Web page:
Her lighter flamed and ate the end of her cigarette as she drew in a little too deeply. Oh, but it felt good: to hide away by the creek and flee the oppressive sentiments of her relatives. She smiled a little to herself as she thought about them all sharing macaroni and cheese, wheelhouse salad and KFC. She could just see her 93-year-old great-grandmother rocking in the corner, mumbling in her deranged fashion, "There's a lot of muddy water under that bridge...whole lotta muddy water." Great-Grandma always spat out "muddy" like it was a bitter secret. It had almost frightened her when Grandma turned and gazed at her and repeated those words, "Whole lotta muddy water." She felt the bitterness biting into her own spirit.
She stared down under the small footbridge into the creek water, reflecting the old light of stars. She drew in clarity as she relaxed with her cigarette. The house had made her feel anxious, claustrophobic with people eyeing her; she could feel them wondering about her future. She lit a second cigarette and thought how her throat would hurt the next day if she kept on going. But she would not deny herself these small pleasures any longer.
She cocked her head to the side, and viewed the planks, 13 of them, from a horizontal angle. Things were shifting again, coming into focus now. The dead grass on the banks of the creek was long and unmowed. She reached for a clump and lit it, watched it flame up and felt it embrace her face with its momentary warmth. She grabbed more grass and lit it.
She built up a small tepee of fire on the rotting planks, and gazed with satisfaction as the flames burned tall and mesmerizing. She reached into her ski jacket and removed the lump next to her heart. She gazed at the stripes and then placed the triangle-folded flag atop the flaming planks.
She walked off into the dark night toward her grandmother's porchlights.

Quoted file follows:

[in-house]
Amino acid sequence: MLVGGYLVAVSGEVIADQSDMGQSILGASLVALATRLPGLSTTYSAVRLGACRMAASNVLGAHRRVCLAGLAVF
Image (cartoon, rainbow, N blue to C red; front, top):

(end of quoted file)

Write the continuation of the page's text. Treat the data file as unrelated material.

1. Going back to it after a few months and with the changes you have made it has increasingly become better. I really think it can be published, of course what do i know. - Joel

  2. I like how you combine unrelated events to create your story. It has good total effect.:) Be sure you save the things you write. It's so easy to lose stuff when you're busy and technology changes. (I'm counting the planks in the bridge the next time I'm home.)

  3. I love her.
    the resonating past tense, "loved"
    I love that she zeros in on her thighs and surreally thinks of them at the funeral.
    I love the focus on her heels, for some reason that image sticks with me.

    I want to know her better, I agree with Joel-publish worthy!

  4. bad bad bad girl! that makes me mad that she burned the flag. mm hmm... she's bad.

  5. Mollie - that's the beauty and the climax that makes the story so evocative - is she really bad? she was the one that lost her husband? it makes the reader go uhmmmm? it's why it can be published.

  6. Kim, this is a remarkable, beautifully connected story; I love the way it leads you forward in time, and how you trust the reader to get there without too much help from you. Nice work, and a dynamite ending. Brava, brava.